Johanna Veenstra - Part 1
A golden-haired, blue-eyed girl, overwhelmed by awe and confusion, stood at the bed of her beloved father as he talked of meeting his Savior in Heaven. For only seven months, he had served as the pastor of a Christian Reformed Church in the state of Michigan, U.S.A., when he succumbed to an attack of typhoid fever. Life was not the same after this to Johanna Veenstra, and she became a source of anxiety to her widowed mother. Often in school she was disobedient and rebellious, and so insubordinate a scholar was she in the Sunday School that her teachers were forced to expel her.
Johanna had come into the world in 1894, in Paterson, New Jersey. This was a Dutch section, said to have produced more workers for God according to its population, than any other part of the city. Between the ages of fifteen and sixteen, she secured a position as typist in New York. With a delightful sense of freedom and money of her own, she yielded to an increasing love of the world and its pleasures. She purchased dresses of the latest fashion, with accessories of jewelery. Not that these things were sinful, but her heart did not belong to the Lord, therefore she became obsessed with these things. She began to frequent the theater and was about to indulge in dance, when she was peremptorily and startlingly arrested by the voice of God in the single word “STOP!”.
About to conclude the day's work in the office, Johanna was summoned to the telephone. She recognized the voice of her minister, asking her to come to his home that evening. Much to her own surprise, for at that period of life she had no desire for God, she thanked him and accepted the invitation. When she reached the doorstep of the parsonage, though she scarcely knew why, she was trembling most violently. His fatherly, kindly manner put her at ease, however, his evident concern for her soul brought her to tears and, after a time of prayer, she bade him goodnight.
That visit meant a turning point in her gay thoughtless existence. For almost a year, she lived more or less under a sense of a burden of sin. After the day's work, she often slipped away from the rest of the family to pray. One evening, her sister, curious to know what she was doing, peered through the keyhole of the door of the bedroom to which Johanna had retired and saw her on her knees. Johanna frequently was unable to sleep, gripped with a dreadful fear of death and Hell!
At length, came a divine revelation, convincing her that the reason she could not find rest of soul was that she was not submitted to God and His will. In other words, she sought relief from the guilt of sin, with its attendance of joy, but without the price of complete surrender. The struggle that followed was most poignant. But when Johanna looked up to Heaven, exclaiming through her tears, “Anything, Lord,” her heart was at once eased of it's load, and an assurance of pardon was hers.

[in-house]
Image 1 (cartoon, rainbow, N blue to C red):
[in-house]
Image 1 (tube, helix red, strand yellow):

Her life no longer was a giddy pursuit for pleasure, but rather one of service to God. Until she was nineteen years of age, several nights a week and Saturday afternoon, she found great happiness assisting Mr. Peter Stam of the “Star Of Hope Mission” in Paterson. Peter Stam was the father of John Stam who, with his wife, Betty, would later martyred in China in 1934. John Stam was only a small child at the time Johanna was helping Mr. Stam at the mission.
When the young woman entered the Union Missionary Training Home in Brooklyn, New York, she was not at all certain that full-time Gospel service was God's plan for her. For three weeks after enrollment, Johanna could not bring herself to unpack her trunk. But all doubt was removed when the words of Jesus were impressed upon her, “No man, having put his hand to the plow, and looking back, is fit for the Kingdom of God.”
During her second year at the school, she represented the students at a Missionary Conference in Lake Geneva, Wisconsin. One of the speakers was Dr. Karl Kumm, brother-in-law to Geraldine Taylor, well-known author for the China Inland Mission. In a large area of Central Africa, he had not met a single missionary of the Cross and was greatly burdened for the evangelicalism of its numerous heathen tribes.
Johanna listened to Dr. Kumm addres with breathless interest. As he depicted the condition of scores of dusky African tribes dying outside the pale of the Gospel, her heart was moved. At the close of the service, she retired to her tent, where she spent three days alone in communion with God. Then she knew that, in “the heart of the Eternal”, her field of service was to be Nigeria.